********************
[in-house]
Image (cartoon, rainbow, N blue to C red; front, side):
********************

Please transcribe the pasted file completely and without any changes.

[in-house]
Image (cartoon, rainbow, N blue to C red; front, side):